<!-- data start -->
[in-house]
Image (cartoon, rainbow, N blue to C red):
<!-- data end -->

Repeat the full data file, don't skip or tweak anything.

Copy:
[in-house]
Image (cartoon, rainbow, N blue to C red):